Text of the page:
Tuesday, July 31, 2012

Paper dolls

Multi-racial dolls, Penang Toy Museum
(More photos here)

I was sorting photos from our visit in Penang Toy Museum and this photo of group of dolls made me realize that I never had a real Barbie doll until now. My parents and grandparents , even if I am a favorite apo (grandchild), did not buy one for me although most of the young girls had it. They claimed that it is expensive and they would rather buy me Goya chocolates. I did recollect from my cousin that it was the same in her case. However, she bought a Barbie for herself when she started earning on her own.

It is nice to look back at those times including the little rarity in our upbringing. But it did not make us feel less. We actually thought that we were unique and special that we were making our own dolls --- the paper dolls. Of course, we got to "sew" (draw) the paper dresses as well.

Happy times.

Wednesday, July 11, 2012

We don't need to be a millionaire to be happy

Clown with eyeglasses
Pinoy Payaso, the clown with the eyeglasses whom we met at my inaanak's (godchild's) birthday party.

I'm a huge fan of "investing on experiences" rather than acquiring depreciable stuff and I'm happier when I'm the one gifting instead of being the receiving end. But of course, gifts are welcome anytime. Heehee.

Here's an excerpt from New York Times' Don't Indulge. Be Happy:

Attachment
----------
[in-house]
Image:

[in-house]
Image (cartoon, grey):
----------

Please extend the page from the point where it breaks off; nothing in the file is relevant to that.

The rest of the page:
Interestingly, and usefully, it turns out that what we do with our money plays a far more important role than how much money we make. Imagine three people each win $1 million in the lottery. Suppose one person attempts to buy every single thing he has ever wanted; one puts it all in the bank and uses the money only sparingly, for special occasions; and one gives it all to charity. At the end of the year, they all would report an additional $1 million of income. Many of us would follow the first person’s strategy, but the latter two winners are likely to get the bigger happiness bang for their buck.

We usually think of having more money as allowing us to buy more and more of the stuff we like for ourselves, from bigger houses to fancier cars to better wine to more finely pixilated televisions. But these typical spending tendencies — buying more, and buying for ourselves — are ineffective at turning money into happiness. A decade of research has demonstrated that if you insist on spending money on yourself, you should shift from buying stuff (TVs and cars) to experiences (trips and special evenings out). Our own recent research shows that in addition to buying more experiences, you’re better served in many cases by simply buying less — and buying for others.

The happy shoes

Meet my happy shoes - with smiling whiskers 

 I consider this pair as my happy shoes. I'm glad that they still got my size (39). I love the "smiling" whiskers on it, aside from that being too comfy. You can tell that they need extra care away from my cats. ;)